Income and Substitution Effects of Estate Taxation
This paper evaluates the effect of estate taxes on labor supply. The analysis decomposes the effect of estate taxation into the substitution effect of relative price changes and the two income effects for which the estate tax is responsible. These two income effects arise from tax burdens on those who leave estates plus tax burdens on those who receive them. Despite the double income burden of the estate tax, existing empirical evidence suggests that the net effect of estate taxation on aggregate labor supply is uncertain.
Volume (Year): 103 (2013)
Issue (Month): 3 (May)
|Contact details of provider:|| Web page: https://www.aeaweb.org/aer/|
More information through EDIRC
|Order Information:||Web: https://www.aeaweb.org/subscribe.html|
References listed on IDEAS
Please report citation or reference errors to , or , if you are the registered author of the cited work, log in to your RePEc Author Service profile, click on "citations" and make appropriate adjustments.:
- Wojciech Kopczuk & Joseph P. Lupton, 2007.
"To Leave or Not to Leave: The Distribution of Bequest Motives,"
Review of Economic Studies,
Oxford University Press, vol. 74(1), pages 207-235.
- Wojciech Kopczuk & Joseph P. Lupton, 2004. "To leave or not to leave: the distribution of bequest motives," Finance and Economics Discussion Series 2004-33, Board of Governors of the Federal Reserve System (U.S.).
- Wojciech Kopczuk & Joseph Lupton, 2005. "To Leave or Not To Leave: The Distribution of Bequest Motives," NBER Working Papers 11767, National Bureau of Economic Research, Inc.
- Michael Keane, 2010.
"Labor Supply and Taxes: A Survey,"
Working Paper Series
160, Finance Discipline Group, UTS Business School, University of Technology, Sydney.
- Kaplow, Louis, 1995.
"A note on subsidizing gifts,"
Journal of Public Economics,
Elsevier, vol. 58(3), pages 469-477, November.
- Richard Blundell & Alan Duncan & Costas Meghir, 1995.
"Estimating labour supply responses using tax reforms,"
IFS Working Papers
W95/07, Institute for Fiscal Studies.
- Richard Blundell & Alan Duncan & Costas Meghir, 1998. "Estimating Labor Supply Responses Using Tax Reforms," Econometrica, Econometric Society, vol. 66(4), pages 827-862, July.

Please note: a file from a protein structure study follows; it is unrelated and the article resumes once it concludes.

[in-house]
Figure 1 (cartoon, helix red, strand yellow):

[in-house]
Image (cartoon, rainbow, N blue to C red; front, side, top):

- Emmanuel Farhi & Iván Werning, 2010.
"Progressive Estate Taxation,"
The Quarterly Journal of Economics,
Oxford University Press, vol. 125(2), pages 635-673.
- Douglas Holtz-Eakin & David Joulfaian & Harvey S. Rosen, 1993. "The Carnegie Conjecture: Some Empirical Evidence," The Quarterly Journal of Economics, Oxford University Press, vol. 108(2), pages 413-435.
- Wojciech Kopczuk, 2003.
"The Trick Is to Live: Is the Estate Tax Social Security for the Rich?,"
Journal of Political Economy,
University of Chicago Press, vol. 111(6), pages 1318-1341, December.
- Wojciech Kopczuk, 2002. "The Trick is to Live: Is the Estate Tax Social Security for the Rich?," NBER Working Papers 9188, National Bureau of Economic Research, Inc.
When requesting a correction, please mention this item's handle: RePEc:aea:aecrev:v:103:y:2013:i:3:p:484-88. See general information about how to correct material in RePEc.
For technical questions regarding this item, or to correct its authors, title, abstract, bibliographic or download information, contact: (Jane Voros)or (Michael P. Albert)
If you have authored this item and are not yet registered with RePEc, we encourage you to do it here. This allows to link your profile to this item. It also allows you to accept potential citations to this item that we are uncertain about.
If references are entirely missing, you can add them using this form.
If the full references list an item that is present in RePEc, but the system did not link to it, you can help with this form.
If you know of missing items citing this one, you can help us creating those links by adding the relevant references in the same way as above, for each refering item. If you are a registered author of this item, you may also want to check the "citations" tab in your profile, as there may be some citations waiting for confirmation.
Please note that corrections may take a couple of weeks to filter through the various RePEc services.